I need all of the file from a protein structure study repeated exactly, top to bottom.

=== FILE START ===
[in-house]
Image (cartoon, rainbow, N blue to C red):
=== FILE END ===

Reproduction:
[in-house]
Image (cartoon, rainbow, N blue to C red):